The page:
Wednesday, January 21, 2015

Five days, four nights, three campsites and one boat built for two

Our first big adventure of 2015 was a kayak camping trip in Marlborough Sound. We rented a tandem yellow kayak and packed it with our tent, sleeping bags, camp kitchen, a mess of clothes and plenty of food, water and wine. Then we gently shoved off into the ocean at Picton, a port town on the northeast side of New Zealand's South Island.

The Marlborough Sound looks a lot like the Puget Sound, or at least the San Juan Islands. The water is pretty blue surrounded by peninsulas and islands made of rolling forested hills. The first difference I noticed was that the water is much warmer. On our first day, we didn't set off until after noon and the wind was picking up. Often the wake from other boats would wash over the front of our kayak, splashing me in the face. I was relieved that the water was not frigid, but rather lukewarm. At times we paddled through gusts of wind so fierce that I had to squeeze my eyes shut, turn my face away from the wind and clutch my paddle tightly so as not to let it blow away... all the while trying to keep us moving forward. Luckily, Josh was in fairer conditions in the back seat of the boat where he could steer and power us along despite my lack of assistance. When we arrived at camp, I was completely drenched and floating in a 6-inch puddle of salt water.

The second day was an easier paddle. We got on the placid water before 9am and most of our journey was flat and mellow. We saw a few good swells, but no more than two feet in height and I stayed blessedly dry beneath my splash jacket and neoprene spray skirt. Before noon we had settled into our campsite for the night on a small island with another couple of kayakers. We swapped recommendations for adventuring in New Zealand over lunch and I took a nap while Josh explored the island.

The beach on Blumine Island and our kayak overflowing with camping gear.

Encountering wildlife while camping is not a big deal in New Zealand. There are no bears, mountain lions or snakes here. Just a few possums, songbirds and the highly prevalent Weka, which looks like a brown spotted chicken. Weka are flightless birds that are curious and utterly unafraid of people. We'd encountered them before and knew the Weka liked sparkly things and had a reputation for stealing shoes and other smallish things there could carry off into the woods. So, like good campers, we tucked all our stuff into the boat hatches at night and kept a clean camp. Our kayaking mates, however, weren't accustomed to Weka and had to chase down their shoes in the morning which had been squirreled away in the bush by some mischievous Weka.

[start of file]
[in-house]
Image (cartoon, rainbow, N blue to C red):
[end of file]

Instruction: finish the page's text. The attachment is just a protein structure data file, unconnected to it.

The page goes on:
And so our adventure went, mostly peacefully and amidst a beautiful backdrop of green hills, aquamarine water, lapping waves and sea birds. We had one blustery day and so spent two nights on the lovely Blumine Island with the other American couple as our only company. Fortunately we liked them quite a bit and hope to kayak-camp with them someday back home.

As for wildlife, we mostly saw Weka. We also spotted a solitary Hector's dolphin, the world's smallest dolphin with its distinctive rounded dorsal fin. That same day, paddling to our final camping destination, we watched a fur seal sunbathing on a rock and floated atop a cloud of jellyfish. Yes, it was literally a cloud of jellyfish so dense that they made the water look light blue from a distance. The jellyfish were magical, something I was wholly unprepared for as jellyfish have always been a frightening sight for me. But safely encapsulated in our yellow boat, the hordes of jellyfish inspired only curiousity and awe. They are graceful little beasts.

Water thick with jellyfish as seen from the safety of our yellow kayak.

Our last night's camping was full of life... human life. A large family was camped there and I have to say it wasn't my ideal wilderness camping experience. Still we made the best of it and Josh found us a delightful little clearing to pitch our tent with a view of the ocean through the trees.

Josh is an expert tent site finder, as evidenced by this lovely view from our tent (in the shadows bottom left).

That night, Josh spied our first of many possums. They are an introduced species here, like all the land mammals, and they were imported from Australia for their lovely fur. Now they are considered a pest animal and efforts are underway to eradicate them.

NZ possums have fluffy tails and pointy ears, more like a raccoon than an American opossum, so they are actually cute rather than creepy.

Our last day on the water was a short one, with us arriving back in Picton before lunch. There we rounded up our gear, all 150+ lbs of it, took quick cold showers and then hopped an early ferry to the North Island.

Lovely views from the ferry as we exited Marlborough Sound and entered the Tasman Sea enroute to NZ's North Island.







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